Few animals have had such a great impact on British civilisation as the humble horse. The domestication of horses began in Britain by the 25th century BC and over the years, they have been used for warfare, agriculture and transportation. Today horses are kept mostly for recreational purposes but they remain a much-loved animal across the British Isles and the world.
The Welsh word for “horse” is ‘ceffyl’ and the plural is ‘ceffylau’. This word is used across Wales in all dialects. A rare synonym is ‘cel’ but it is more common to hear it in stories and poems rather than in conversation.
Another word that was once used to express “horse” in general but is now mostly used to refer to a stallion is ‘march’ (plural: meirch). Below are a few animals whose names contain the word ‘march’:
- March môr = sea horse
- March asgellog = flying horse (Pegasus)
- March afon = hippopotamus
- March y dŵr = water spider
Note that many Welsh speakers use the word ‘stalwyn’ instead of ‘march’ when talking about stallions.
A mare is known as a ‘caseg’ in Welsh and a foal is generally referred to as an ‘ebol’, although some speakers may use ‘swclyn’ or ‘cyw ceffyl’ instead. ‘Cre o geffylau’ is a “band of horses”.
Because horses played such a prominent role in British society, it shouldn’t come as a surprise that many Welsh idioms contain either ‘ceffyl’ or ‘march’. Some of these are very similar to existing English idioms, probably because they’ve been translated directly into Welsh. Below is a list of the ones I’ve come across so far!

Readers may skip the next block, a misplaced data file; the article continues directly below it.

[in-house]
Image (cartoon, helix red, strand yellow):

- Cyfrif dannedd march/ceffyl rhodd = Look a gift horse in the mouth (Lit: Count a gift horse’s teeth)
- Rhoi’r drol o flaen y ceffyl = Put the cart before the horse
- Ar gefn ei geffyl / Ar gefn ei cheffyl = On his/her high horse
- Fel marchod ar geffyl gwyn = Like a knight in shining armour (Lit: Like a knight on a white horse)
- Ar gefn ei geffyl gwyn / Ar gefn ei cheffyl gwyn = Full of mischief (Lit: On the back of his/her white horse)
- Ar gefn ei geffyl cwta / Ar gefn ei cheffyl cwta = In a temper (Lit: On the back of his/her short horse)
- Chwipio ceffyl marw = Flog a dead horse
- Bwyta fel ceffyl = Eat like a horse
- Ceffyl da yw Ewyllys = If you really want to work hard, you will (Lit: Will is a good horse)